Physics | General Physics 1
P201 | 3642-3643 | Baxter-Heinz
General Physics 1 is the first semester of a two-semester sequence
that will introduce you to some of the most important ideas of
classical physics. One of the central topics in classical physics,
Newtonian mechanics, will form a large part of our study for the
semester. We will also discuss waves and oscillations, and touch
briefly on the concepts of heat and temperature.
In studying Newtonian mechanics we will use many words and ideas with
which you are familiar; but we warn you now to be wary of relying on
your current definitions and intuition regarding these ideas. It took
humankind almost two millennia (from Aristotle to Newton) to develop
the ideas covered in this course and many of the situations we
consider are far more subtle than they may first appear. By growing
up in the modern world you have become familiar with many of the
words we will use and thus many of you can speak a Newtonian language
(using words like action and reaction, acceleration, velocity, force
etc.), but through your interactions with the world in everyday life
your instincts are far more like those of Aristotle than you may care
to believe. This can lead to mistakes on homework problems and exams.
To paraphrase a great Jedi master “You will have to unlearn much that
you have learned.” The reason for this is that our goal is to
describe the entire universe, not just the section of it we can
interact with directly through our senses in our everyday lives. To
do this requires a framework in which the surface of the Earth
becomes a rather complicated place (with nasty effects such as
friction, gravity, and air resistance). Your instincts already
incorporate these effects into the natural order of things, rather
than seeing them as complications which obscure that natural order.
If you make a conscious effort to cast the problems you confront in
this course in the ideal terms of the Newtonian world rather than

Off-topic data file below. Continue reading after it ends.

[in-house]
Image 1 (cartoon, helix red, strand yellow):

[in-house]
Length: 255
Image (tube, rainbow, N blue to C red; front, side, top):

relying solely on your instincts you will do much better on the
exams, and you will along the way develop a deeper appreciation for
one of the greatest intellectual achievements of all time.
Studying physics thus involves much more than just learning a set of
rules. To “do physics” you must learn to think logically, and in the
abstract, and to develop new intuition about how the universe really
works. Note that this involves much more than just memorizing
equations into which you plug numbers! In this course you will be
asked to solve problems in which you are confronted with a new
situation and must devise ways of using what you have already learned
to interpret it.
The quantitative application of physical laws to solving problems is
a major activity in the smaller, more interactive discussion
sections. You will also have the opportunity to perform simple
laboratory experiments that serve several purposes: to demonstrate
some of the concepts covered in the lectures; to expose you to
techniques required to make reliable measurements; and to give you
some appreciation for the interplay between experiment and theory in
You are encouraged to develop collaborations with other students.
Such collaborative efforts help you understand the relationships
among different approaches to the same situation and provide
invaluable stimulation from give-and-take in searching for solutions.
Though our lectures may sometimes give you the impression that
physics is a “finished” subject, you should be aware that many
important questions are still unanswered and the universe continues
to hold many mysteries. To advance our knowledge, physicists and
other scientists need to develop new equipment and carry out
increasingly complex measurements. After all, physics is ultimately
an experimental science, and the only criterion for elevating
someone's idea of a physical “law” is that it is consistent with all
known observations and therefore represents our best guess as to how
the universe truly works.
Meeting all of the above objectives of this course will demand a lot
of work on your part. It is essential that you keep up with the work,
because each topic introduced and each skill taught will build upon
all those developed earlier in the course. If we do our jobs, then
all of the work should be accompanied by a lot of fun, intellectual
challenge, and learning.